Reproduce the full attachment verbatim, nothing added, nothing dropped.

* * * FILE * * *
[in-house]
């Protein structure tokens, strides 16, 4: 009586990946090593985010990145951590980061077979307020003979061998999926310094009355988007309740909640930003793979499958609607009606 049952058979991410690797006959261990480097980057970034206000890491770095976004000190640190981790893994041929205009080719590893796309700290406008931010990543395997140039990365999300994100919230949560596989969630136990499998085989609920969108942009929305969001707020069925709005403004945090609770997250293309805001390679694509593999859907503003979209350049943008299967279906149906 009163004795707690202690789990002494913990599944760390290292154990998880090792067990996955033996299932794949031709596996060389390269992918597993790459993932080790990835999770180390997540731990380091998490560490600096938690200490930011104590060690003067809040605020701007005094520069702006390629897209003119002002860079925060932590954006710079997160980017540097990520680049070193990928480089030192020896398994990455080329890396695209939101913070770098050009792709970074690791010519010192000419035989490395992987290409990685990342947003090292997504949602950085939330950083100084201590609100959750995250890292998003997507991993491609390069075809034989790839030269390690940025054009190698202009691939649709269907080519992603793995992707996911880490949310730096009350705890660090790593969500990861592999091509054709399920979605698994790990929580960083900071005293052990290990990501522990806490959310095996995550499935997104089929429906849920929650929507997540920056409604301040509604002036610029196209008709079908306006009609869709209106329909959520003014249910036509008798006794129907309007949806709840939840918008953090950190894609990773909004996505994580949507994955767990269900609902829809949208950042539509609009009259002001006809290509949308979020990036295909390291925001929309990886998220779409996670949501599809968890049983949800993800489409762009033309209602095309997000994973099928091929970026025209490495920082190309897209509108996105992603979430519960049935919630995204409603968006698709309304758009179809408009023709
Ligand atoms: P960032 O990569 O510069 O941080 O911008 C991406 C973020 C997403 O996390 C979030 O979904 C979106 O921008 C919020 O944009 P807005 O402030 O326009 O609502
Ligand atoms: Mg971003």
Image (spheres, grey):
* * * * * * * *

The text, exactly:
[in-house]
């Protein structure tokens, strides 16, 4: 009586990946090593985010990145951590980061077979307020003979061998999926310094009355988007309740909640930003793979499958609607009606 049952058979991410690797006959261990480097980057970034206000890491770095976004000190640190981790893994041929205009080719590893796309700290406008931010990543395997140039990365999300994100919230949560596989969630136990499998085989609920969108942009929305969001707020069925709005403004945090609770997250293309805001390679694509593999859907503003979209350049943008299967279906149906 009163004795707690202690789990002494913990599944760390290292154990998880090792067990996955033996299932794949031709596996060389390269992918597993790459993932080790990835999770180390997540731990380091998490560490600096938690200490930011104590060690003067809040605020701007005094520069702006390629897209003119002002860079925060932590954006710079997160980017540097990520680049070193990928480089030192020896398994990455080329890396695209939101913070770098050009792709970074690791010519010192000419035989490395992987290409990685990342947003090292997504949602950085939330950083100084201590609100959750995250890292998003997507991993491609390069075809034989790839030269390690940025054009190698202009691939649709269907080519992603793995992707996911880490949310730096009350705890660090790593969500990861592999091509054709399920979605698994790990929580960083900071005293052990290990990501522990806490959310095996995550499935997104089929429906849920929650929507997540920056409604301040509604002036610029196209008709079908306006009609869709209106329909959520003014249910036509008798006794129907309007949806709840939840918008953090950190894609990773909004996505994580949507994955767990269900609902829809949208950042539509609009009259002001006809290509949308979020990036295909390291925001929309990886998220779409996670949501599809968890049983949800993800489409762009033309209602095309997000994973099928091929970026025209490495920082190309897209509108996105992603979430519960049935919630995204409603968006698709309304758009179809408009023709
Ligand atoms: P960032 O990569 O510069 O941080 O911008 C991406 C973020 C997403 O996390 C979030 O979904 C979106 O921008 C919020 O944009 P807005 O402030 O326009 O609502
Ligand atoms: Mg971003």
Image (spheres, grey):